The Daily Grind Video

On Wednesday, a 12-year-old Detroit boy who had been missing since June 14 was found alive in his father’s basement.

Detroit Police Chief James Craig said police weren’t ruling out the possibility of a homicide in the disappearance of Charlie Bothuell V. But on Tuesday, Craig announced that police had found Charlie alive in the basement of his home.

On Tuesday his father, Charlie Bothuell IV, appeared on the Nancy Grace show to share the story of his son’s disappearance. Bothuell was on air when he found out his son had been found in his home. His reaction was one of shock and confusion.

Bothuell went on to describe an urgent search for the boy after receiving a call from his wife at about 9:45 p.m. on June 14. The boy’s stepmother said Charlie had left their home at about 9 p.m. Bothuell was at his office in Southfield trying to get some work done so he would have a free Sunday, Father’s Day, to spend with his children.

Charlie was discovered by police as they executed another search warrant on the home. Police said Charlie was hidden by a makeshift barricade that police don’t believe he could have made himself. The boy was crouched behind a container with food nearby. Authorities say that Charlie didn’t call out for help, but was happy to see police.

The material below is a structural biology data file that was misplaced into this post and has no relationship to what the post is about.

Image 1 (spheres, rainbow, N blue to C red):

“In 37 years of policing, I will tell you, I’ve never seen anything quite like this,” Craig said. “But the outcome, I couldn’t be happier.”

Charlie told investigators his stepmother helped him hide. His father and the family’s attorney both denied that claim.

Bothuell responded to the police’s suspicions of his involvement in the disappearance:

“For anybody to imply that I somehow knew that my son was in the basement, it’s absurd and it’s wrong. I love my son. I’m glad that he’s home and he’s going to have the great future that he deserves to have – I want to see my son.”

The police had searched the Bothuell residence several times before with cadaver dogs, so it’s still unknown if Charlie was in the basement the entire time.

Bothuell said he came home from work and called authorities. He described the response from a dispatcher as dismissive and disrespectful, and he said it took three calls to actually report the child missing. Bothuell said he was asked to take a Detroit police lie detector test, but refused after being questioned for eight hours. He went on to say that Detroit police were not truthful with him about what to expect during the investigation.

Bothuell eventually agreed to an FBI-administered polygraph test, but his wife declined to take one.

The boy is in his mother’s care.